Rev. Jerry McAfee

Recent Articles

MPD chief a no-show at community forum on police violence

Harteau’s absence attributed to ‘public safety’ threats
By Khymyle Mims

Contributing Writer

This past Thursday night, citizens from across the city gathered at the Sabathani Community Center in South Minneapolis to take part in a “listening session” with the chief of police and other individuals who teach and work in the criminal justice field. Over 100 people from the community gathered to ask questions and express their concerns about police corruption and brutality in Minneapolis and elsewhere around the country. The plan was to direct these concerns to a panel consisting of Minneapolis Police Chief Janeé Harteau, U of M Professor Dr. Rose Brewer, and author and Metropolitan State University Criminal Justice Professor Jason Sole, as well as lawyer and chair of the Police Conduct Oversight Commission Jennifer Singleton. Instead, the crowd addressed only Sole, Brewer and Singleton due to Harteau deciding not to attend. It was later relayed to the audience that Harteau’s decision came from her feeling it was not safe for her to participate. Continue Reading →

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What we know now…

We’ve learned that to the State, the families of incarcerated men and women are a source of extra taxes for prison budgets

By Sharon Brooks

Guest Commentator


It is no secret that a lot of Black people, particularly young Black men but also way too many Black women, are in prison all across America. But it is not very well known that for each Black person locked up in Minnesota’s prisons, the State allots $35,000 (each) to house and “take care” of them. For Black men in Minnesota prisons, this cost is $35,000 times about 5,000, which is roughly 50 percent of the 9,700 inmates incarcerated here in our great state. Yes, we have been informed that Black people make up more than 50 percent of the prison population here in Minnesota even though less than six percent of the entire state population is Black people. What? Continue Reading →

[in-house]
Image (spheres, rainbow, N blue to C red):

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Minneapolis NAACP on the move?


Congratulations to the Rev. Jerry McAfee, newly elected president of the Minneapolis branch of the NAACP, and to the new board members. This is an auspicious time. We just celebrated the life of Nelson Mandela, a man who proved a Black man can be a success as president of a country with both Blacks and Whites. Along with Archbishop Tutu’s “ubuntu,” he demonstrated that “truth” and “reconciliation” are more than slogans: they are action paths to unity. Minneapolis needs unity and reconciliation within the Black community and between White and Black people and institutions. Continue Reading →

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Black Minnesotans lobby at the State Capitol

Can the new ‘Black agenda’ move the community forward? 

By Charles Hallman

Staff Writer